One thing I like about restricted-link wikis is their "transparency". If the page shows "RecentChanges", or any other WikiName link, one knows that one is visiting a local page. InterWiki links like "Wiki:RecentChanges" will continue to point to Ward's wiki, and not to some other site. Users can still click on raw URLs, but the destination is obvious. One can then easily avoid non-trusted sites. --CliffordAdams
I've been feeling that the InterMapTxt project has been too accepting of new entries. Many entries nowadays don't even have links on MeatballWiki, which seems odd as it is our intermap. I think this is because people have been turning it into a giant telephone directory of all wikis that have crossed out path. I don't think this will work for either us nor them, so I have a new solution.
First, encouraging the frequent alteration of the InterMapTxt prevents its adoption via FileReplacement. I expected that changes to the intermap would be few and far between, as traditionally Cliff and I were adding wikis very infrequently. Indeed, an entry would only be accepted after some vetting on InterMapSuggestions. Nowadays, no vetting is required, as the changes can be made directly by those who proposed them.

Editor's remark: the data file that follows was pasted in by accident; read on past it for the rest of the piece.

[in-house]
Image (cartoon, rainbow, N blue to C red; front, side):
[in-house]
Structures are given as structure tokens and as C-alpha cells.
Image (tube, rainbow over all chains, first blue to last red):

This lack of vetting has had two immediate effects. One, there are no more bruised egos for having their pet wikis rejected by our arbitrary opinions. This has created a lack of conflict by EnlargeSpace. On the other hand, entries lacking any direct value to MeatballWiki have been added aplenty, now overwhelming the list. Overwhelming the list, I think, reduces our desire to PeerReview the intermap. At least it reduces mine because I'm fairly sure I won't be interested enough in wikis being added to go visit them to see if it is worth adding them. The lack of peer review actually creates dangerous opportunities to subvert the system, adding security attacks or links to embarassing material.